ad info




CNN.com
 MAIN PAGE
 WORLD
 ASIANOW
 U.S.
 LOCAL
 POLITICS
 WEATHER
 BUSINESS
 SPORTS
 TECHNOLOGY
   computing
   personal technology
   space
 NATURE
 ENTERTAINMENT
 BOOKS
 TRAVEL
 FOOD
 HEALTH
 STYLE
 IN-DEPTH

 custom news
 Headline News brief
 daily almanac
 CNN networks
 CNN programs
 on-air transcripts
 news quiz

  CNN WEB SITES:
CNN Websites
 TIME INC. SITES:
 MORE SERVICES:
 video on demand
 video archive
 audio on demand
 news email services
 free email accounts
 desktop headlines
 pointcast
 pagenet

 DISCUSSION:
 message boards
 chat
 feedback

 SITE GUIDES:
 help
 contents
 search

 FASTER ACCESS:
 europe
 japan

 WEB SERVICES:
COMPUTING

From...
PC World

Y2K browser bug to affect e-commerce

May 31, 1999
Web posted at: 10:39 a.m. EDT (1439 GMT)

graphic
 ALSO:
How to hold the perfect Y2K community meeting

by Pete Loshin

(IDG) -- You've ignored the year 2000 problem -- you just don't think it will affect you. You fully expect to wake up on January 1, 2000, and order from your favorite Internet commerce sites as you always have.

But even if the Y2K problem doesn't hit, you may still have trouble ordering flowers on New Year's Day 2000.

That's because if you've put off upgrading your old (4.05 or earlier) Netscape browser, there's a good chance that your browser won't recognize the certificate for your root certification authorities -- the entities that vouch for all other Web merchants' identities.

Even worse, old (4.x or earlier) Internet Explorer browsers suffer from the same problem and don't tell you.

MORE COMPUTING INTELLIGENCE
IDG.net   IDG.net home page
  PC World home page
  FileWorld find free software fast
  Make your PC work harder with these tips
 Reviews & in-depth info at IDG.net
 *   IDG.net's desktop PC page
  IDG.net's portable PC page
  IDG.net's Windows software page
  IDG.net's personal news page
  Year 2000 World
  Questions about computers? Let IDG.net's editors help you
  Subscribe to IDG.net's free daily newsletter for computer geniuses (& newbies)
  Search IDG.net in 12 languages
 News Radio
 * Fusion audio primers
 * Computerworld Minute
   

And when this happens, you don't have full security in place for online purchases.

OK, what's a root CA?

Root CA companies VeriSign, Thawte, GTE CyberTrust, and Entrust.net sell certificate services to Web merchants.

In order to get a certificate from a CA, a merchant submits proof of its identity to the root CA service provider, from which the CA generate a public key pair.

The CA then digitally signs the merchant's certificate, which is installed on the merchant's Web server and used to encrypt sensitive information like credit card numbers.

The root of the problem

CAs too have certificates, which, for security reasons, are themselves hard-coded into most popular browsers, such as those from Netscape and Microsoft. This makes it harder for attackers to misrepresent themselves as a root CA. And like all other certificates, a root CA's certificate expires eventually.

For Netscape browser versions 4.05 and earlier, root CA certificates will expire at the end of the year.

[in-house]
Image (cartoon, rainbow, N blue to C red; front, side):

When a root CA's certificate expires, Netscape lets you know by returning an error message.

Microsoft's Internet Explorer 3.x and 4.x browsers don't handle the problem so gracefully -- they don't report expired root CA certificates at all, leaving you unaware of this potential security threat.

In either case, you can choose to ignore the error messages and complete your transactions, and there's probably no immediate threat to your security. But ignoring browser security warnings is a bad habit.

Solution: Upgrade

The quick (and free) solution is to upgrade your browser. It's also possible just to update the root CA certificate itself, but VeriSign describes this as "a multistep process that could be confusing or scary for most nontechnical Web users."

Additionally, online merchants can build some workarounds for 4.x browsers with Entrust.net and other root CA companies.

Given the massive shift toward new browsers, experts predict this problem will affect relatively few users by year's end.

Merchants associated with offending root CAs may face customer problems. And Microsoft will have some explaining to do about why its software doesn't verify certificate expirations.

But (assuming electrical power is still on) most of us will be able to order those flowers, John Grisham's latest, or that classic Beatles CD next New Year's Day.


RELATED SECTIONS:
In-Depth: Looking at the Y2K Bug
Discussion: Year 2000 bug

RELATED STORIES:
Utilities pose biggest worldwide Y2K threat
May 28, 1999
'Scanner' eyes Y2K problems in e-mail attachments
May 28, 1999
FDA: Y2K readiness for hundreds of medical devices unknown
May 27, 1999
Postal Service gears up for Y2K
May 21, 1999
The seedy side of Y2K
May 18, 1999

RELATED IDG.net STORIES:
The Y2K problem has a silver lining
(Computerworld)
How to hold the perfect Y2K community meeting
(Civic.com)
What's the deal with Y2K cards?
(PC World Online)
Will a Y2K bug blow up in your face?
(PC World Online)
As the Y2K deadline approaches, don't overlook PCs
(CIO)
Americans are becoming complacent about the Year 2000 issue
(Civic.com)
Cultivating the right Y2K image
(Computerworld)
IDG.net's Year 2000 World
(IDG.net)
Note: Pages will open in a new browser window
External sites are not endorsed by CNN Interactive.

RELATED SITES:
VeriSign Inc.
Thawte Consulting
CyberTrust Solutions
Entrust.net
Note: Pages will open in a new browser window
External sites are not endorsed by CNN Interactive.
 LATEST HEADLINES:
SEARCH CNN.com
Enter keyword(s)   go    help

Back to the top   © 2001 Cable News Network. All Rights Reserved.
Terms under which this service is provided to you.
Read our privacy guidelines.